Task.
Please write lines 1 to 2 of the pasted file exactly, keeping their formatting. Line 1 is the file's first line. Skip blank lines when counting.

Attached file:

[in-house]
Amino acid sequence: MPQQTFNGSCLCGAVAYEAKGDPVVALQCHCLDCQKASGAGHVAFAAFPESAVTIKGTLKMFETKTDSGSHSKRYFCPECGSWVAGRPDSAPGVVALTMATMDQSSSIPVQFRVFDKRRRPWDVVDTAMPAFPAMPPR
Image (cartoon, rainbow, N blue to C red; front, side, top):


[in-house]
Amino acid sequence: MPQQTFNGSCLCGAVAYEAKGDPVVALQCHCLDCQKASGAGHVAFAAFPESAVTIKGTLKMFETKTDSGSHSKRYFCPECGSWVAGRPDSAPGVVALTMATMDQSSSIPVQFRVFDKRRRPWDVVDTAMPAFPAMPPR